Ep #42: Why Your Organization/Boss Doesn’t Support Your Promotion (And What To Do About It)
This may sound counterintuitive, but your company isn’t hardwired to support your success.
Corporations have developed processes over the years (or decades) that are designed to support and protect the company.
Not you. The company.
So, your organization may provide leadership trainings here and there.
Or maybe they’ll show you how to be more productive.
Or maybe they’ll teach you how to become a better manager.
But what they often won’t show you is how to develop the executive skills you’ll need to reach that next level in your career.
THAT is why you can’t wait around for your organization to support your professional development.
If you want to make it to the C-Suite eventually, you need to take matters into your own hands.
In this episode of Maximize Your Career with Stacy Mayer, I’ll share exactly how your organization may be holding you back from the next promotion you deserve, AND how to create an effective professional development plan that will help you land any role you want.
What You'll Learn:
- The three reasons why your organization isn’t supporting your professional development
- The problem with high-potential development programs when it comes to advancing your career
- The three key elements that every promotion plan must have
- How to stop feeling frustrated and take action instead
- How to approach obstacles in your organization with a problem-solving mindset (no more giving up!)
Listen to the Full Episode:
Featured on the Show:
Hello, everyone. Welcome to another episode of Maximize Your Career with Stacy Mayer. So excited to be here with you guys today.
I experienced a funny thing yesterday that I just thought I would share with you. But it's called boredom. And it was interesting because I noticed that at one point during... I'm recording this episode on a Monday afternoon. And so this was Sunday and I haven't experienced that feeling, that feeling that you get when you aren't really sure what to do because you don't really have a long laundry list of things to do. So you sort of wonder: 'Hmm, what could I be doing right now?'.
And I actually told my husband that yesterday because I was in such a great mood all day. And I felt at one point at two o'clock in the afternoon that I was like I could pretty much do anything.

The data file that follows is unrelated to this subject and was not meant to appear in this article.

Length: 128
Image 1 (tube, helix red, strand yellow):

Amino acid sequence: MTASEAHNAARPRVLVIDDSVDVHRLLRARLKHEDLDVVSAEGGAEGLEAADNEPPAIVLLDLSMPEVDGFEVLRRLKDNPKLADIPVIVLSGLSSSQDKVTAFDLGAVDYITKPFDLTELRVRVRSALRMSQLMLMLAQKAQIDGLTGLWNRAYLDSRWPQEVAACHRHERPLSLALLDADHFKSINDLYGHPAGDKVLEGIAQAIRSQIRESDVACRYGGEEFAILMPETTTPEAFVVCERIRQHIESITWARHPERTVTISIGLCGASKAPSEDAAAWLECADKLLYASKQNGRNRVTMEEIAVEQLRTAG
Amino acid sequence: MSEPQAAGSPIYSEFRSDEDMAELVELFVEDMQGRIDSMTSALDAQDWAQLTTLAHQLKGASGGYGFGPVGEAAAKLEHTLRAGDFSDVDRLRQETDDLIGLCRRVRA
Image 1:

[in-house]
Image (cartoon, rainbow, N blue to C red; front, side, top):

And the reason that I noticed it is because I haven't experienced that for so long. And I'm sure this happened to me long before even Covid and sheltering in place and having to work from home. But it's just really interesting to have that moment of really what felt like freedom. Like possibility. Anything is possible because we're all just working so hard right now and really trying to hold everything together. So my heart goes out to every single one of you and all I can wish for you is that you experience a moment of boredom in your life this next week. So hopefully that happens to you as well. It was fleeting, but it was good.
So today's episode, I want to talk to you guys about how your company is actually hardwired not to support your success.
Your company is set up in such a way not to support your promotion. So here's what I'm talking about.
If you're a somebody who works at a small startup, one of those organizations where it's just really grassroots and everybody has to put in the hours and we all work together and people get promoted very quickly at age 22 because they're right there and they're part of the beginning and they they end up becoming CFO by age 28 because they're just in it. They're just in it.
But what I'm talking about are these larger corporations, these institutions that have put processes in place that actually deny you from getting a promotion. So in today's episode, I'm going to be sharing with you why this is true, why this is happening for you, and essentially what you can do instead. What you can do to break out of the cycle, to finally get your own promotion and get the recognition that you deserve.